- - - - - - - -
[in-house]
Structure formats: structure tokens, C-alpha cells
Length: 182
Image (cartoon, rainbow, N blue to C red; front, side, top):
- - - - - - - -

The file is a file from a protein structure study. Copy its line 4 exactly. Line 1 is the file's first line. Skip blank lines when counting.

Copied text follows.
Image (cartoon, rainbow, N blue to C red; front, side, top):